Reconstruction after the 2012 earthquake: italy’s rubble women

One year after the earthquake in Reggio Emilia, women entrepreneurs are rebuilding their stores. The "EmiliAmo" network keeps them from despairing.

Togetherness puts people in a good mood: the women of the EmiliAmo network. Image: EmiliAmo

The earthquakes that shook the Reggio Emilia plain in May 2012 destroyed not only the historic centers of the towns – from Mirandola to Finale Emilia, from Cavezzo to Novi and from San Felice to Concordio – but also hundreds of small stores, ninety percent of which were run by women.

From one moment to the next, stores, bars and workshops collapsed or became inaccessible for safety reasons. However, the owners did not give up, but, on the initiative of 39-year-old Claudia Miglia, a career counselor and training manager, joined forces to form a network that grew in size over the months, giving over 500 businesswomen a task and thus hope. The network is called "EmiliAmo", a play on words from Amo l’Emilia (I love Emilia), expressing the desire of those involved not to despair.

One year after the earthquake, it can be said that the project was successful. Many women have reopened their businesses in containers, wooden huts or buildings like the covered square in Mirandola. "The day after the second quake, on May 29 (the first was on May 20, note. of the author)," Claudia Miglia recounts, "after many telephone conversations, a group of about fifty women owners of small stores, owners of fashion stores, beauty salons, barber stores, tobacco stores, all women who had owned the stores in the historic centers of the cities before the earthquakes, formed. We met for dinner on June 5 and decided to start all over again."

You can read this text in the taz.am wochenende of June 22/23, 2013. In it also: "This is the solution!" There are many ideas for a better world. You just have to look for them – and write them down. A special from the taz and 21 other newspapers. Transsexual Jane Thomas and her eldest daughter on CSU and family. And: Gezi Park has been cleared, but the protest continues in silence. Old enemies have become new friends. On the road with Besiktas Istanbul soccer fans. At the kiosk, eKiosk or right away in the practical weekend subscription.

Initially, they turned to the markets set up by the authorities of the regions affected by the earthquakes, Modena, Reggio Emilia and Bologna, in cooperation with the local municipalities. "We spent the whole summer of 2012 traveling from market to market selling our products. In the end, we had 200,000 euros set aside to keep our business going." When you are affected by such a huge event as an earthquake, what you need most is a lot of imagination and "the ability to run."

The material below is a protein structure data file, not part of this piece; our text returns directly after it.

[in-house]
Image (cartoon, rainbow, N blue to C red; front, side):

Through the contacts made and the buying groups, the women of the network managed to sell, for example, 300,000 euros worth of Parmigiano Reggiano. "We succeed because we are a team, one person alone can’t do anything." Claudia Miglia is the coordinator of the network, which has a contact woman in each city affected by the earthquake. The group is not just about business, but also about the psychological-emotional aspects of doing things together.

Against discouragement

"EmiliAmo immediately helped us to stop giving in to the urge to cry about our destroyed businesses. Because traveling from market to market or just eating pizza together just makes you feel good," says the founder of the non-profit organization. When autumn came and with it the danger of sinking into despondency, the women of the Mirandola network organized events such as "Beauty and Fitness" together with the city’s gyms.

Impact Journalism Day is a collaboration of 22 newspapers worldwide, initiated by the "Sparknews" platform. The editorial teams commit to delivering articles in three languages that demonstrate creative ways to solve global problems. In addition, each editorial team commits to publishing a certain number of articles.

http://www.lastampa.it/, from which this article is taken, was founded in 1867 and is the third largest daily newspaper in Italy. The paper is still owned by the Fiat automobile group. It is considered liberal and is read predominantly in the affluent northwest of the country. The current circulation is 329,000 copies.

In Cavezzo there was a lottery in which ninety stores participated. For every ten euros spent there, one received a ticket with which one could win a discount for a purchase in another store in town. In addition, of course, there was merchandising: T-shirts, name tags, breakfast mugs, stickers, all with the EmiliAmo logo, the network slogans and the Facebook and Twitter user accounts.

A series of festivals is planned for summer 2013, the first one themed "Dal terremoto al tortellino" in Cavezzo, where you can make your own pasta. There will also be workshops on cake design and visual food, as well as cooking classes for stressed managers. In this way, Miglia wants to challenge people to design something compelling. "Even though houses may crumble like cookies," she says, "our experiences are repeatable."

Translated from English by Heike Brandt